The first, indeed the only, requirement of a diet is that it should lose you weight without reducing your alcoholic intake by the smallest degree.
Now this IS sage advice. He posits that his plan will contain none of the charts, tables, or menus of the typical diet book that inevitably ends with a statement that "of course" there is to be no alcohol. To the point...
Of COURSE? No ALCOHOL? What kind of people do they think we are?
Not trial lawyers, that's for sure. To paraphrase F. Lee Bailey, there may be a great trial lawyer somewhere that doesn't drink, but I never met her. The cocktail is the fuel of courtroom inspiration. Or the balm for it. But I digress...
Amis constructed his diet, many years ago, around the notion that you must omit bread, potatoes and sugar from your intake. Take that, Dr. Atkins. He then transcends the merely mortal dietologist by excluding vegetables and fruit as well. But he reminds us that for these trifling sacrifices we retain DRINK. He sustains life by the allowance of fish in any quantity at any time. Kippers and a martini, anyone?
Dining out is always a tough test for a gourmand on the culinary wagon. I know. Particularly when dining in business company. How does one stick to a diet under the possibly scornful and income diverting gazes of corporate associates? Amis suggests telling your companions that
...your new found aversion to vegetables, fruit, thick sauces and the rest springs from psychiatric advice or a religious conversion, either of which you prefer not to go into now.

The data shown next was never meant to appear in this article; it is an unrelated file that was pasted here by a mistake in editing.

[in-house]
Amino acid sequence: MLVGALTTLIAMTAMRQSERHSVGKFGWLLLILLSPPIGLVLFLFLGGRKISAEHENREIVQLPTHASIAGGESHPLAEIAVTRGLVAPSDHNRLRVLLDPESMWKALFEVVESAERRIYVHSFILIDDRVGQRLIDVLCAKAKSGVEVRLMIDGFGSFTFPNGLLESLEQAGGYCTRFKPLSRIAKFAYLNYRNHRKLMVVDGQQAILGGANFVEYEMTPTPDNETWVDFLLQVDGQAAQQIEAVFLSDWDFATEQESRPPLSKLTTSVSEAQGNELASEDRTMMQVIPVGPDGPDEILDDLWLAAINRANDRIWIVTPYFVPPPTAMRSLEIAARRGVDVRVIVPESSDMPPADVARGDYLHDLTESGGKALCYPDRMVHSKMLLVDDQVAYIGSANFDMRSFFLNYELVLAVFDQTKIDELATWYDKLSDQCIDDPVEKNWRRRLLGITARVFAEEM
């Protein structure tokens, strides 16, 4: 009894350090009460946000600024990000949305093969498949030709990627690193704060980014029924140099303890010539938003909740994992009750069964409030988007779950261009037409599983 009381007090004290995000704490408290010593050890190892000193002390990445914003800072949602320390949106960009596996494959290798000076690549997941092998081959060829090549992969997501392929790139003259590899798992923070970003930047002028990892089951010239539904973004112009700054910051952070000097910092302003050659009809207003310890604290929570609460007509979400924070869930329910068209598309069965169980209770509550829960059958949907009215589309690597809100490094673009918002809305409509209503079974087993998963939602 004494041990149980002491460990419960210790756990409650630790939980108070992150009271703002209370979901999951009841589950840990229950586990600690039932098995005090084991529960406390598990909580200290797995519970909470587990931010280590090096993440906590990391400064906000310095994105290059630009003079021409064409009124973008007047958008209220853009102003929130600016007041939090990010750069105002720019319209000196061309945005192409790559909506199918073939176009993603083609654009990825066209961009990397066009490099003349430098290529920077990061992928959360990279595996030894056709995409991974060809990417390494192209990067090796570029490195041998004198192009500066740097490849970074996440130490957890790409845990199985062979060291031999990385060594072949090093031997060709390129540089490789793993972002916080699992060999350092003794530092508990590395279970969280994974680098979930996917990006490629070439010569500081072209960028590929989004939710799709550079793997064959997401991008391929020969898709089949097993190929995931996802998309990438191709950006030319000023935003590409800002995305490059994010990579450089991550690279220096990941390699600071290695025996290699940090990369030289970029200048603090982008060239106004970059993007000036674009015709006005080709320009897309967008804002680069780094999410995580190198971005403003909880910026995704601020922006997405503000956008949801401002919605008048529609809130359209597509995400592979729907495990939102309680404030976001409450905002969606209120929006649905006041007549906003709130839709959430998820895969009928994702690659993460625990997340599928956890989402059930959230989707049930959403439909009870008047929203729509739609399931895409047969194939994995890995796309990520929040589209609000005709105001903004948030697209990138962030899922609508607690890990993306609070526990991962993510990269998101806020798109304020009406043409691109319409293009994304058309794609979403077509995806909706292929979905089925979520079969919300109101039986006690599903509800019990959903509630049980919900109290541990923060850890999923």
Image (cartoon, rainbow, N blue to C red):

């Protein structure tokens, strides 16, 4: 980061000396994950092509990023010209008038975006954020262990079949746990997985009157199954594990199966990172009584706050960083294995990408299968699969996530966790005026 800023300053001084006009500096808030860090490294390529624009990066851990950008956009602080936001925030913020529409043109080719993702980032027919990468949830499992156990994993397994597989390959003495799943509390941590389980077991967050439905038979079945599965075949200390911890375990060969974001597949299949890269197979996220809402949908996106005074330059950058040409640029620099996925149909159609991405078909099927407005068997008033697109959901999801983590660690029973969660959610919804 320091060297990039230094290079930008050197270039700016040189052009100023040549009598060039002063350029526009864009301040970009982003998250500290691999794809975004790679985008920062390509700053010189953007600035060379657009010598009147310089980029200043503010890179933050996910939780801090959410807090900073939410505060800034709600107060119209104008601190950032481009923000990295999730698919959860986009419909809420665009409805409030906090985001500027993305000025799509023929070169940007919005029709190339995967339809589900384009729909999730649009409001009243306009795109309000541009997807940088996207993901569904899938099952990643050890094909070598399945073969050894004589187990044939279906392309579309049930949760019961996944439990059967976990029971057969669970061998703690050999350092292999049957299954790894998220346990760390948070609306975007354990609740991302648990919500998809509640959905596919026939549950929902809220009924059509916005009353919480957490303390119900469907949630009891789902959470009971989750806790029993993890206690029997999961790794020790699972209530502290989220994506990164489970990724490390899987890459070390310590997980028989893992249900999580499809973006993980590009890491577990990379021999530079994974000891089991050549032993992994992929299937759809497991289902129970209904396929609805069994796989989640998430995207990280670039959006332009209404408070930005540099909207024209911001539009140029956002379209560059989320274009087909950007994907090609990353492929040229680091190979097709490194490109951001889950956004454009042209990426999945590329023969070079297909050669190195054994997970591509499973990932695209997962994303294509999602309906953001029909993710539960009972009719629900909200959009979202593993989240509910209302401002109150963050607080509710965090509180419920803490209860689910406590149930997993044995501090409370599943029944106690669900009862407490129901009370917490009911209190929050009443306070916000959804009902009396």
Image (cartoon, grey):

Also when dining out, it is recommended that you only attend restaurants where they serve food you hate. If this is not possible, then order a dish you hate. Like Chicken Kiev. Take a few bites to strangle your appetite. Then instruct that it be left before you as your pals down Crepes Suzette, huge steaks and the rest. You should be sufficiently proof to the temptation by then. Another master-stroke. All these years I have been wasting my time by ordering what I actually LIKED and then trying to eat a tiny bit of it. I should have seen that the true path to physical enlightenment was to order things I DETEST.
Ultimately, Amis concludes that
Alcohol science is full of crap. It will tell you, for instance, that drink does not really warm you up, it only makes you feel warm--oh, I see; and it will go on about alcohol being not a stimulant but a depressant, which turns out to mean that it depresses qualities like shyness and self-criticism, and so makes you behave as if you had been stimulated--thanks.
In the end, the Amis Diet Plan is another very amusing romp through one very literate drinking person's day. He shreds the world of diet writing while providing urbane and useful advice to the imbiber who is tired of "zipping up his trousers at 45 degrees instead of vertically". That this wonderful book should accomplish both tasks at once is the heart of its appeal. And that of Kingsley Amis.